This three-part selection of horror stories by Nathaniel Hawthorne explores the psyches of convention-bound characters and the bizarre means they use to elude the restrictions of society. "Dr. Heidegger's Experiment" tells the tale of an elderly physician who develops an elixir of life, and uses it to resurrect the woman he was to have married. He also rejuvenates himself and his best friend, only to discover, with tragic consequences, that he is the odd man out in a lover s triangle. "Rappacini's Daughter" is also about love and jealousy. Rappacini is a disillusioned botanist who rears his daughter in a garden of poisonous plants and goes so far as to inoculate her with their juices until anyone who touches her dies. "The House of the Seven Gables" concerns a rumor of treasure hidden within a haunted house, and the effect of an ancient curse on the young man who tries to find the fortune.
Once Was Enough
- Twice Told Tales review by Count Otto Black
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Round about the time this film was shot, Roger Corman was making American International Pictures a great deal of money with his Edgar Allan Poe adaptations, almost all of which starred Vincent Price (they were churned out so fast that Vincent had to miss one because he was accidentally double-booked). So an utterly obscure studio called Admiral Pictures thought they'd jump on the bandwagon with this triple bill of 19th century horror stories by Nathaniel Hawthorne, all of them starring Vincent Price.
Unfortunately it fell a bit flat. Director Sydney Salkow, who mainly did westerns, and is remembered almost entirely for directing the original Addams Family TV series, which wasn't exactly spine-chilling horror, entirely lacked Corman's over-the-top exuberance, and since Hawthorne didn't have Poe's manic morbidity, his tales must by 1963 have already seemed quaintly old-fashioned. Vincent Price is as professional as ever, but there's only so much he can do with scenes that are just him and somebody else talking absolute rubbish, of which, alas, there are many!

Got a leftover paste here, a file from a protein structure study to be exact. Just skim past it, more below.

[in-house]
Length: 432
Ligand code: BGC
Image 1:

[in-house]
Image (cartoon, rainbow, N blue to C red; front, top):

The first tale basically consists of two men talking far, far too much in order to stretch a brief and ludicrously contrived story that could have been told in ten minutes to four times that length. Then we get a twist that would have been obvious even if the synopsis didn't give it away, and a couple of seconds of very mild horror, though mainly it's about tragic love and regret. The same is true of the second segment, in which slightly more happens, but really it's just a fable about an over-protective father, and the nearest we get to any actual horror is the noise the guinea-pig makes as it turns purple. Yes, really...
The final third is as low-budget as the rest, all of which are shot entirely on small and extremely fake studio sets, pare the cast down to the point where there are almost no characters, however minor, who aren't absolutely necessary, and obviously didn't spend huge sums on the special effects. However, it does at least try a bit harder to scare us, with ghostly goings-on in a creepy old house that provide far more blood and horror than the other two parts combined. Still not very much though. And in a perverse change of pace, the characters struggle to pack their extremely stilted dialogue with shedloads of confusing and wildly improbable plot exposition concerning witchcraft, curses, family feuds, lost treasure, secret rooms, and a whole movie's worth of exciting-sounding things that happened 150 years previously, which we don't get to see because that would require a much more expensive movie than this one.
It's not absolutely terrible, but it isn't much good, and Vincent Price sometimes seems a bit lackluster, as if the director didn't know how to get the best out of him. Roger Corman did, and even the cheapest and least interesting of the Poe films they made together, while they're superficially similar to this, are far more fun, so you're probably better off watching one of those instead.